Decision to Send Troops to Iraq
By Jim Garamone
Prime Minister Junichiro Koizumi announced the decision to put troops
in Iraq in December. This is the first time Japanese forces will
serve as part of a coalition not sponsored by the United Nations.
The soldiers will be engaged in helping to rebuild Iraq, and will
be based in the southern part of the country. They will work with
Dutch soldiers, and will come under the command of a British general.
troops stand in formation in their new tent on their arrival
at Camp Virginia, about 30 miles south of the Iraqi border
in northern Kuwait January 17, 2004. A team of Japanese
soldiers heading to Iraq in the Asian power’s most controversial
deployment since World War Two flew into Kuwait early on
by Caren Firouz / Reuters
to send forces to Iraq is a "historic move," said Chairman
of the Joint Chiefs of Staff Air Force Gen. Richard B. Myers.
to meet with Japanese military leaders, said the Japanese decision
to send about 1,000 members of the Ground Self-Defense Force to
Iraq is welcomed by the international community.
officials said the move was a courageous one, and that the prime
minister "was ahead" of the Japanese people. Officials
also said that there is uncertainty as to what will happen in
Japan if the Japanese forces take casualties in Iraq.
reporters that operations in Iraq are not without risk. He said
the northern and southern parts of Iraq are a bit more stable
that the central and western areas. But, he said, former regime
loyalists and in some cases foreign jihadists target international
agencies and non-U.S. members of the coalition. "You can
never say that you’re free from risk," Myers said.
But the Japanese
have to ask themselves why it is important to help rebuild Iraq,
Myers said. "The reason is that it will be one less place
where terrorists can plan and operate," he said. "The
only way we’ll be successful is with strong international effort
in there, and Japan has decided to be part of that strong international
effort. It has the potential to change the dynamics, not only
in that region, but in the world."
said the capture of Saddam Hussein last month allowed coalition
forces to round up hundreds of regime cell leaders. "The
capture of Saddam Hussein has emboldened some people to come forward
without the fear of retribution," he said. "We’ve seen
an increase in the number of people who have come forward to offer
intelligence on where weapons caches are, where improvised explosive
devices are being built (and) those sorts of things."
He said that
overall the security situation in Iraq is improving, "but
it’s too early to say (whether) that’s a trend line or just a
the United States values the other contributions Japan is making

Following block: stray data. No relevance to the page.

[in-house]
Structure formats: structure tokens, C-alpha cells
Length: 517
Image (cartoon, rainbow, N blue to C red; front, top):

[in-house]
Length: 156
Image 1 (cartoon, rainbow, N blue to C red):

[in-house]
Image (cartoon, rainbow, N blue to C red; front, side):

in the global war of terror. He praised the Japanese for helping
to rebuild Afghanistan, and said the Afghans agreeing on a constitution
is an example of the progress being made.
said that overall, the coalition is winning the war on terrorism.
He said strong international support remains the key, because
the effects of a terrorist strike are not localized. "Whether
the terrorism attack occurs in Riyadh, or Islamabad, or New York
City, or God forbid, Tokyo, the outcome is the same: it affects
all countries on this planet, not just the country where the act
occurred," he said. "We’re going to have to deal with
this scourge as we have with other scourges of the past."
States is working with Japan, China, Russia and South Korea to
convince North Korea to forgo nuclear weapons. These six-party
talks have been very useful, he said. "Clearly, you would
like to solve this issue of a nuclear North Korea, the chance
of proliferation of fissile materials (and) all those issues that
should worry all of us a lot. Our best chance for solving this
is through diplomacy," he said.
addressed questions about the global posture review and how changes
in the footprint of the U.S. military would affect Japan. "It
has been a long time since we’ve taken a hard look at how we are
arranged, given this new security environment," Myers said.
"For instance, some of the camps and posts and stations where
we are located now in the Republic of Korea are where we were
in 1953, when the armistice was signed."
changes in Korea, he said, these areas may no longer be the best
places to be based.
two fundamentals are factors in examining the global posture in
the Pacific region. First, the United States is a Pacific nation
and will remain committed to the region. "The other fundamental
is the security relationship we have with Japan," Myers said.
"This is clearly the most important relationship we have
in Asia, and that fundamental won’t change."
He said the
U.S. military is at the beginning stages of discussions about
changing the footprint of U.S. forces. These discussions are mostly
within the Pentagon, but some have been with Japanese counterparts.
"We’re a long way from making decisions," he said. "Whatever
we do will be done in consultation with the Japanese government."
the U.S.-Japan security relationship is absolutely vital to both
countries, not only in Asia, but internationally as well. "We
will continue to strengthen that alliance the best we can,"